The Narrow Road (4) – December 7, 2015

this dreary rainfall
falls on late-blooming cherries
fallen petals and rain drops
upon this unknown road

© G.s.k. ‘15

Carpe Diem #874 Rainhat Island; since the cherry blossoms


Passing through the castle towns of Abumizuri and Shiroishi, I arrived at the province of Kasajima (Rainhat Island), where I asked the way to the mound of Lord Sanekata of the Fujiwara family. I was told that I must turn right in the direction of the villages of Minowa and Kasajima visible at the foot of the mountains in the distance, and that the mound was still there by the side of a shrine, buried in deep grass. I wanted to go that way, of course, but the muddy road after the early rain of the wet season and my weakness stopped me. The names of the two villages were so befitting to the wet season with their echoes of raincoat and umbrella that I wrote:

Rainhat Island—
where did you say it was?
muddy roads in May

© Basho (Tr. Donald Keene)

Utabukuro – Rain – July 10, 2015

When I write haiku, I try to write about what’s happening around me, even if I’m writing for a prompt … that’s not always easy of course.

One of the subjects that I’ve written extensively about is rain.  Last year we had a very very rainy summer so of course it was easy to write about rain!  The haiku I’m going to show you though came from a period when I wasn’t yet writing for CDHK. In 2013 I wrote a haiku a day (more or less) beginning around March – most of them are now private)  inspiring myself from the world around me .. and lo!  I discovered that I’d written quite a few about rain – often using the rain as a metaphor for what I was feeling at the time – so using the rain to express sadness.

July 5, 2013

from hard night’s rain
dawn watery puddled clouds
serene illusions

April 28, 2013

yesterday’s sadness
tear drops in the rain
carefully hidden

July 13, 2103

muddy yellow sky
like dried-up African clay
contemplating rain

July 25, 2013

sunset and golden sky
glowing rays rain from the clouds
mountains wet with sun

October 1,2013

puzzle swirling change
inside a vision of life
outside falling rain

But perhaps my favourite of all my rain haiku it the following – based on one of my first photographs for this blog:

Rain Lights

Rain Lights

sunshine rain fall
crystals drop before my eyes
noon-tide fairy lights

( originally – for I’ve since edited this haiku:

July 22, 2013

rain falls in sunshine
crystal drops eye’s delight
fairy lights at noon)


Haiku for July eighth’s rain:

kettledrum concert
booming in the mountains
then silent rain drops

standing in the rain
ah – this wilted flower sighs
with each cooling drop

© G.s.k. ‘15

Written for: Carpe Diem Utabukuro #4 tears falling

Niji (Rainbow) – July 7, 2015

Field and Bubble

world of bubbles
floating in the green field
dancing rainbows

through drops of rain
rainbow glistening windows
a summer shower

rain in sunshine
a bridge of vibrant colours
summer rainbow

© G.s.k. ‘15

Summer Rainbows,

just tiny bits of light caught in the water as rain falls through the sunshine.

summer reflections  – rainy sunny afternoon –  rainbow

© G.s.k. ‘15

For the full post and two very beautiful haiku written by Issa please click on the link below:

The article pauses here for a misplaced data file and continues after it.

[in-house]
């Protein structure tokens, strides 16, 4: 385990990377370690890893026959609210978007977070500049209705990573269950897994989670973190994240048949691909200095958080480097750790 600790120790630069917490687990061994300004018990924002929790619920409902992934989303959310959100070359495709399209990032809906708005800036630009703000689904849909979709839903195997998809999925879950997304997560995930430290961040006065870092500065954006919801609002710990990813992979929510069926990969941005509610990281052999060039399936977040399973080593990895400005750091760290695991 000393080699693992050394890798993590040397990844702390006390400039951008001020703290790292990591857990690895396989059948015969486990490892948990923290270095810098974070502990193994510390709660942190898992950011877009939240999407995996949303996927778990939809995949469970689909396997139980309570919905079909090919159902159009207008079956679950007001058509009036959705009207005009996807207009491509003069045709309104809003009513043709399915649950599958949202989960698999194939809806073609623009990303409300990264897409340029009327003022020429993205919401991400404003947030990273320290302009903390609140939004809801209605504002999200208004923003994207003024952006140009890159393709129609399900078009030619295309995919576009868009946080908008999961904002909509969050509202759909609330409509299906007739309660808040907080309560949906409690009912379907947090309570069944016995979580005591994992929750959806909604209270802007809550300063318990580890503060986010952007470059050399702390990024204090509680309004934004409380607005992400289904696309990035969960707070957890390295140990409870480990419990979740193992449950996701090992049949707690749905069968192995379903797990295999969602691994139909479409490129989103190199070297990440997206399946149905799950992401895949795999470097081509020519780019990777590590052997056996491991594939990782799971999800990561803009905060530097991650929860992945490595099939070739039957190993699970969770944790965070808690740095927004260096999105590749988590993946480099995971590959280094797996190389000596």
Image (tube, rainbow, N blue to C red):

Carpe Diem #769 Niji (rainbow)

One-bun invented by Jim Kacian sounds like a bakery order so I’m suggesting we call this extreme form of haibun an ichibun … what do you say 😉 ?

Morning Haiku and Waka – January 16, 2015

morning drizzle
a dog whines in the courtyard
under dripping palms

an old warrior
without his sword feels lost
silent laments
hidden behind sighs
and mumbled oaths

January moon
a little new year greeting

© G.s.k. ‘15

* “New Year is the largest, and perhaps the oldest celebration in Japan. Having both religious and secular associations, it is much like Christmas in Canada.
In A.D. 604, the lunar calendar used in China was adopted for use by the Japanese government. This calendar had both a lunar component which regulated civic events and a solar component which was used for agricultural purposes.
The new moon marked the beginning of the official months but date discrepancies existed between official celebrations and folk celebrations. Using the lunar calendar the New Year was to begin at the second new moon after the winter solstice.
This was the “Great New Year” or shogatsu. At the full moon two weeks later, there was another celebration called “Little New Year” or koshogatsu. Traditionally, these dates would occur sometime from the end of January to the middle of February. However, when the government adopted the Gregorian calendar, shogatsu became associated with the first day of January and koshogatsu fell on the 15th of January.” Written By Chèvrefeuille for Carpe Diem Haiku Kai prompt #648

Melancholy Drizzle – Free Quartine – October 20, 2014

Oscar Wilde


“We are all in the gutter, but some of us are looking at the stars.”  Oscar Wilde


Under a melancholy drizzle
Damp and cloudy thoughts
Tied my rainbow happiness
Into somber dreary knots …

The grass is always greener
Is surely just a tired cliché but
My musings kept going there
As serenity flowed away …

“Where are all these wonderous stars …
Portents for luck and happiness?
Ah – hidden behind the clouds
Under a melancholy drizzle …”

Then with the morning-tide …
Bright chirping of birds began
And just before the
dawn of light
The clouds opened and I saw …

A smattering of stars
That lifted me from the gutter
Gone, anger and despair – I hailed
The glorious, bright morning.


Written for Mindlovesmisery’s Menagerie using the words from OctPoWriMo’s prompt of October 19.